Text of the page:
don't trust the financial system, then people like the physical aspect
of holding gold,'' Adrian Mowat, JPMorgan's chief Asian and emerging
markets strategist, said in a Bloomberg Television interview. ``As we
get a recovery I think gold is going to look like a very poor asset
class to own as we go into next year.'' Gold for immediate delivery
dropped as much as 1.1 percent to $1,125.40 an ounce and traded at
$1,128.20 at 3:30 p.m. in Singapore. Earlier it climbed as much as 0.4
percent to $1,141.88 an ounce, 6.9 percent off its record of $1,226.56
reached Dec. 3.

Coffee May Resume Drop After `Stumbling' at Resistance: Technical
Analysis
Robusta coffee may resume this year's decline toward $1,300 a
metric ton after approaching the high of a downward trend channel that
started in September, according to technical analysis by Newedge Group.
Robusta coffee for March delivery is ``stumbling at resistance at
$1,425 and it may very well be more of a waiting game as the upper
channel line declines towards prices,'' Veronique Lashinski, an analyst
in Chicago, said in a Dec. 15 report. ``A close below $1,385 would
point to a decline toward $1,350 and to an immediate resumption of the
decline.'' Robusta futures have dropped 11 percent this year, and on
June 25 fell to $1,250 a ton, the lowest level since the 10-ton
contract started trading in January 2008. Vietnam is the largest grower
of the beans. The five-ton contract, delisted after January this year,
fell to that price in July 2006. The March contract closed at $1,406 a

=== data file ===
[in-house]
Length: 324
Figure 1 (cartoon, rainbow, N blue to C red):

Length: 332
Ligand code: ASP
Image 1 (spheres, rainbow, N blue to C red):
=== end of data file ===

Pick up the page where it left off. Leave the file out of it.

ton in London yesterday.

China Seeking Assistance From WTO to Resolve U.S. Cotton Subsidy Dispute
China, the world's largest cotton importer, will try to resolve
the issue of U.S. cotton subsidies through the World Trade
Organization, the Ministry of Commerce said yesterday.
``The U.S. massively subsidizes its cotton, violating fair trade and
fair competition, especially affecting the Chinese cotton farmers'
interests,'' Yao Jian, spokesman at the ministry, said in a regular
media briefing. ``China will actively seek resolution on the issue
under the WTO framework.'' China has about 140 million people involved
in cotton production and 20 million workers in the textile industry,
Yao said. U.S. supplies account for almost a third of the nation's
cotton imports, which increased almost 12-fold in six years to reach
2.11 million metric tons in 2008, he said.
Last month, Brazil was cleared by the Geneva-based World Trade
Organization to impose $294.7 million in trade sanctions because of
U.S. cotton subsidies. At the time, U.S. officials said the WTO's
rulings would be complied with and they doubted Brazil would need to
exercise the sanctions.

Crude Oil Declines as Dollar Rises to Three-Month High Against the Euro
Crude oil fell as the dollar strengthened against the euro,
limiting the appeal of commodities as a currency hedge. Crude snapped
two days of gains as the dollar rose to a three-month high against the
euro after the U.S. Federal Reserve said yesterday the economy is